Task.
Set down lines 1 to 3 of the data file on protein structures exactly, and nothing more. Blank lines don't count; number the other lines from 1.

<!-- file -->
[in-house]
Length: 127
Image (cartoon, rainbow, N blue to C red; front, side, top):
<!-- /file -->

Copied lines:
[in-house]
Length: 127
Image (cartoon, rainbow, N blue to C red; front, side, top):